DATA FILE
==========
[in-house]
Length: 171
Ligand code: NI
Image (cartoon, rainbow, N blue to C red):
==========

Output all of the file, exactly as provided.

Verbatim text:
[in-house]
Length: 171
Ligand code: NI
Image (cartoon, rainbow, N blue to C red):